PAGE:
How do I start?

When it comes to Pilates, private tuition is the best way to start. Once started you can continue this until you have a thorough grip of the working principles and be able to put them into practice without reminders. Pilates training from COOL Pilates is both mentally and physically complex, requiring great attention to detail.

A therapist or doctor may have advised you to undertake some Pilates. It is important to choose carefully what you do. If you are fit and healthy, you will get best results if you undertake a course of apparatus based Pilates, particularly if you have back pain or shoulder pain. Apparatus based classes work in groups of 4-6, with groups of more than 5 supervised by two teachers. You can also work to an individually tailored programme in an apparatus based class.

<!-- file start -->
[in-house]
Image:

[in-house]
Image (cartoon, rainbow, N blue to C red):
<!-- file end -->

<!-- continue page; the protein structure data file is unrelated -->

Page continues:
For a more upbeat form of Pilates, it is best to join a reformer class for a faster moving all-round workout. This type of class will help tone and strengthen the body.

In the UK, it is common to find Pilates classes being run in gyms, fitness clubs, health centres, and spas. However, because there is no national standard for the teaching of Pilates, it is fair to say that not all Pilates teachers are created equal. The UK government is attempting to establish some sort of national standard for the teaching of Pilates through Skillsactive. A Register of Exercise Professionals has already been established. This standard currently does not apply to studio teaching. So when approaching an prospective Pilates teacher you should ask a few questions such as Where did you train? For how long? How long have you been teaching Pilates? How much anatomy have you done? Did your training include real-life case studies? What size groups did you teach? Quality teachers, like those you will find at COOL Pilates, will have trained for at least one year full-time, while continuing to undertake Professional Development courses.

Additional information